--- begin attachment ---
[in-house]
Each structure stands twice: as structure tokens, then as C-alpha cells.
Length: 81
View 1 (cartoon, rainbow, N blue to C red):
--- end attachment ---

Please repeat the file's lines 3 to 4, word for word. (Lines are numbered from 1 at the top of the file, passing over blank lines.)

Length: 81
View 1 (cartoon, rainbow, N blue to C red):